The University of Central Arkansas is home to more than 360 historical collections of information donated from groups, residents and other figures throughout the state.

In addition to the massive amount of collected works, the archives also hold 10,500 titles of books on topics throughout Arkansas’s history, several thousand pamphlets, around 55,000 photographs and more than 1,000 maps that document and record the history of the state and what it was like to be an Arkansan through the years.

"We look at different ways to collect information on the state and we try to collect things if we possibly can," Director Jimmy Bryant said.

Bryant said the books, which are housed in two full rooms, range in topics from religion to agriculture to civil war history.

"Several hundred people a year use the archives," he said. "We have, also, a large amount of people that contact us via email that live out of state."

The archives, Bryant said, is home to many different topics for research.

When he started in 1998, he said he wondered just how many people knew that the archives were at their disposal for that purpose. Bryant said he was curious to know and after interviewing around 100 people, realized at least 1 out of 10 were aware.

Since becoming director, not only has he worked to make the public more aware of the opportunity for use, but also makes sure to alert the media anytime a new collection comes in.

"That kind of helps tell people about us … helps remind people that we are here," Bryant said.

The unique aspect to the archives, he said, is that all of the 370 collections are one of a kind.

Some of those include the U.S. Circuit Court of Appeals Judge Morris S. Arnold collection, which according to Bryant, has a massive amount o material.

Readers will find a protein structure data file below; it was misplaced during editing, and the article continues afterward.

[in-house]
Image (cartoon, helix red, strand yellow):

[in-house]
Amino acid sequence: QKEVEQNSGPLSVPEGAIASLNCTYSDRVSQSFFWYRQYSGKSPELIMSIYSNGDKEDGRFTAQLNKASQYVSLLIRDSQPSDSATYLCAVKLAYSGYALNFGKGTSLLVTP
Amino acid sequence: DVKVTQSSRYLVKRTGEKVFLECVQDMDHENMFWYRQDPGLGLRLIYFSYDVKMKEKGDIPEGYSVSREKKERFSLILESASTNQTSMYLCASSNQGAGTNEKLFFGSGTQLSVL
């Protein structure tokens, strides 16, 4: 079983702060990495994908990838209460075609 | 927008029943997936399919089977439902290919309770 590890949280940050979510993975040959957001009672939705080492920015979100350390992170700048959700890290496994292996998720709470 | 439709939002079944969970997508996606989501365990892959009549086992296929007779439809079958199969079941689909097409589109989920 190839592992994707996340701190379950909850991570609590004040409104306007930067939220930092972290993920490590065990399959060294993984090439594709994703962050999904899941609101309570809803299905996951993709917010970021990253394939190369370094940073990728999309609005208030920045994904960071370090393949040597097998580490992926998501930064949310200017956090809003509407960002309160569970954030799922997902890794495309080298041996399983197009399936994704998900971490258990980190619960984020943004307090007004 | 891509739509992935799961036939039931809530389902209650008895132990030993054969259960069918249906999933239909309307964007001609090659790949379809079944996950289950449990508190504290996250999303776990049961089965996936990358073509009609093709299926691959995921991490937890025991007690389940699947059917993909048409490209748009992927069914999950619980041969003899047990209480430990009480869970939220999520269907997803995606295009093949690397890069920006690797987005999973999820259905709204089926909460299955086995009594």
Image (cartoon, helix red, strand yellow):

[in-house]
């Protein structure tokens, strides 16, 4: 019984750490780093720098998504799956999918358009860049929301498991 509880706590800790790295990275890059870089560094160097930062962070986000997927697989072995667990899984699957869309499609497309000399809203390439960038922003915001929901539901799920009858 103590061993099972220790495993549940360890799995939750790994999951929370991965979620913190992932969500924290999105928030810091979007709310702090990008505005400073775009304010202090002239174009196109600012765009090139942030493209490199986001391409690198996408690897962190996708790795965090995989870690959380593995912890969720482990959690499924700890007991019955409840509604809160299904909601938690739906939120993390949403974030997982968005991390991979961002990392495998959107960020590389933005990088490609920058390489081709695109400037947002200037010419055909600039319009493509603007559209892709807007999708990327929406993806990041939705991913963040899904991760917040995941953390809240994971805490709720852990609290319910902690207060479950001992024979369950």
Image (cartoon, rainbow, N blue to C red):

"It has all of his decisions that he’s written and then it has a lot of other material he’s collected [through] the years," he said. "It [also] has a lot of family history in it and it’s got a lot of photographs. It’s a huge collection and it’s an excellent collection."

Other collections include UCA Depression Era records that exist nowhere else in the world except there and materials from Sharon Priest, the first elected Arkansas Secretary of State, which includes letters and correspondences, photos, meeting minutes and policies they created … everything applicable to her occupation when she served.

"I look at all the collections as representative of society," Bryant said. "You want your archive to represent society as much as possible from having people from different occupations and organizations."

The archive director said someone recently came in and wanted everything they had on songwriter Jimmy Driftwood, which was around 120 boxes. He said that person didn’t realize the enormity of what the archives held regarding that subject.

That is why, Bryant said, the finding aid was created … the starting point.

"We take the finding aid and show people how to use it," he said. "Many people that come in here have never been into an archive before and they don’t know what to expect."

They are able to narrow the search through those aids since everything in the archives is so organized to make research easier.

Their job, Bryant said, is to accommodate people and groups and help them learn to use the archives.

"Our job is not to do the research for a person, but rather our job is to help them when they get here," he said.

Bryant said he will work with anyone to help them navigate through the maze of information step by step.

"[The UCA] archives really serves as a big evidence vault to the past," he said. "That’s one way I like to say it because if you’re going to be able to prove something you’re going to have to have evidence and that’s why archives exist is to hold this evidence. This evidence, of course, is the primary documents."

Bryant said when someone is trying to paint a picture of a person’s life in words, they can never have too much information.

He said he started working in the archives as a student in the early 90s and got the job in 1998 and overall enjoys his work.

"When you’re preserving the past, you’re preserving not just the past, you have to look at in terms of you’re preserving people’s lives and that’s what keeps me coming to work," Bryant said.

To learn more information about the archives or to use the finding aid, visit